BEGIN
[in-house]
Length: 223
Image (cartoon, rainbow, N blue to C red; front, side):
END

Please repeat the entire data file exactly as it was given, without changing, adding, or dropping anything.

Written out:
[in-house]
Length: 223
Image (cartoon, rainbow, N blue to C red; front, side):